How moths keep our world blooming, pollinating in the night

Female gypsy moth.

How moths keep our world blooming, pollinating in the night

When it comes to pollinators, it’s usually the bees, butterflies, and hummingbirds that get all the buzz for their essential role in the health of the world’s agriculture and ecosystems. This recognition is because they are out working during the day, just like humans.

But at night, while most of the world sleeps, moths take the graveyard pollinating shift, and research shows may work harder than their daytime counterparts.


Two ways to transport pollen

Whereas moths are often only seen bobbing around porch or street lights at night, they actually spend most of their time visiting flowers. As butterflies drink nectar with their long tongues, so do moths, pollinating buds with each sip.

But a study published by Biology Letters found that more pollen is transported on the moth’s ventral thorax, their chest, rather than on their proboscis, their tongue. As moths sit on the flower while feeding, their furry bodies touch the plant’s reproductive organs, resulting in an abundance of rich pollen carried to the subsequent blooms they visit.

Moth on a flower collecting pollen. Image credit: Joab Souza, Creative Commons

Moth on a flower collecting pollen. Image credit: Joab Souza, Creative Commons

Keeping our world blooming

This research also found that moths have an incredibly vast food web. During the day, bees and butterflies have a few overlapping species they pollinate, but also a variety that only they visit. But moths work overtime, interacting with many of the same plants as bees and butterflies.

Furthermore, moths visit the flowers that emit their most pungent fragrances at night, which many daytime pollinators miss, such as creeping buttercup and honeysuckle. Moths also aren’t afraid to work for their food, visiting flowers with deeply hidden nectar, such as morning glory, tobacco, yucca, and gardenia.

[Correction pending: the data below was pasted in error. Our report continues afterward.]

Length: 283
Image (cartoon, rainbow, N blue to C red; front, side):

Overall, moths interact with 47 different plant species, more than either bees or butterflies. Complementing the work of daytime pollinators in various ways, moths help keep plant populations diverse and abundant. They also aid in filling in the gaps, acting as a natural biodiversity backup.

Luna Moth on leaves. Image credit: Courtesy of Tim Arthur

Luna Moth on leaves. Image credit: Courtesy of Tim Arthur

Pollinators in peril

This research is crucial as all pollinator species face a crisis, especially bees. Beekeepers across the US lost 45.5% of their managed honey bee colonies from 2020 to 2021 alone.

Pollinator populations are declining in many parts of the world primarily due to monocropping practices, excessive use of agricultural chemicals, and higher temperatures associated with climate change. While moths haven’t been hit as hard, research out of the UK shows their numbers are shrinking by 10% each decade.

Sphinx moth feeds on flower nectar at night. Image credit: Bogdan V, Creative Commons

Sphinx moth feeds on flower nectar at night. Image credit: Bogdan V, Creative Commons

Valuing the role of moths

Just as moths have been undervalued in their contribution to pollination, the importance of their conservation has also been underestimated. These nocturnal hard workers play an essential role in the ecological health of our planet as 75% of all flowering plant species need pollinators to aid them in fertilization.

Now is the time to spread awareness about moths and safeguard their habitats with the same vigor and urgency used to protect bees, butterflies, and hummingbirds. It is because of their efforts that the world keeps blooming while most are tucked in bed.

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